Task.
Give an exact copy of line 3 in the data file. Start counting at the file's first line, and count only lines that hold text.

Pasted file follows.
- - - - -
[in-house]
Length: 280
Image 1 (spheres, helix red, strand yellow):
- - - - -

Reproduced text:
Image 1 (spheres, helix red, strand yellow):